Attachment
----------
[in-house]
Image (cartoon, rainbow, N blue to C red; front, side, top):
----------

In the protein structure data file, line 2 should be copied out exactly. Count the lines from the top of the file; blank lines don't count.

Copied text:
Image (cartoon, rainbow, N blue to C red; front, side, top):